Peter "Bobricius" Misenko Teases the Raspberry Pi PICOmputer, a Precursor to a MicroPython Armachat

Compact design borrows from the Raspberry Pi Zero-powered Zepir, and includes a full microswitched QWERTY keyboard and small display.

Engineer Peter "Bobricius" Misenko has teased a compact, handheld portable computer powered by the Raspberry Pi Pico and its RP2040 microprocessor: the Raspberry Pi PICOmputer.

Best known for the Armachat family of off-grid wireless communication systems, Misenko has a sideline in ultra-compact portable computers. The Zepir saw Misenko build a pocket-size machine from the Raspberry Pi Zero gumstick-format computer — and now he's doing the same for the Raspberry Pi Pico microcontroller, launched earlier this year.

Like the Zepir, the Raspberry Pi PICOmputer uses one of Misenko's compact microswitched QWERTY keyboards — though this time it's located below a considerably smaller, but full-color, screen. Next to the display is the Raspberry Pi Pico itself, soldered down in module form without headers, while power can be provided directly to the Pico via its micro-USB port or using a battery on the rear of the board.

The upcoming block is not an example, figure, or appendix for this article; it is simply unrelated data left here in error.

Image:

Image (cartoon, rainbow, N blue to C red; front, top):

While the Raspberry Pi PICOmputer is a standalone design in its own right, it's also a prototype platform for a next-generation Armachat which will move the communications platform to the MicroPython programming language.

Misenko hasn't yet released any firm details of the project, but says that it may be released under an open source license — "all depends," he jokes, "if I have food for my children." More details are available on Misenko's Twitter thread.

Gareth Halfacree
Freelance journalist, technical author, hacker, tinkerer, erstwhile sysadmin. For hire:
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